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Metoclopramide HCl is an antiemetic and GI stimulatory drug, whose mechanism of action is not well understood. It seems to act on the dopamine receptors in the brain, which results in a stimulation of the GI tract motility. This drug indeed affects the lower esophageal sphincter, preventing vomiting; stimulates contractions of the stomach, resulting in the accelerated emptying into the intestine; and increases the duodenal and jejunal peristalsis, without stimulating the gastric, pancreatic or biliary secretions. The colon peristalsis is barely affected by this drug.
Since the body adapts to the presence of a gut motility drug, and stops producing its own molecules that normally stimulate the GI tract, it is advisable not to stop the administration of gut motility drugs abruptly. If so, the onset of stasis is often observed. Their dose should be decreased daily over a period of a week or more, so that the body can start the production of its own molecules/hormones gradually again.
The use of GI stimulatory drugs may affect the absorption of other administrated drugs:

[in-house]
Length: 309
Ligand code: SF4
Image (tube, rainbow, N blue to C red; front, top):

· decreased absorption of drugs dissolved in the stomach,
· increased absorption of drugs dissolved in the intestine. This is particularly the case of aspirin, cimetidine, diazepam, tetracycline, sedatives, tranquilisers or narcotics.
Some drugs are incompatible with the use of metoclopramide HCL. This is the case of:
· antibiotics like penicillin G potassium or tetracycline (this also applies to antibiotics that should not be used in rabbits, namely ampicillin or erythromycin),
· calcium gluconate,
· cephalotin sodium,
· chloramphenicol sodium succinate,
· sodium bicarbonate.
Dosage safe for use in rabbits: 0.5 mg/kg tid - qid, PO, SC.
to understand the meaning of the medical abbreviations, click here.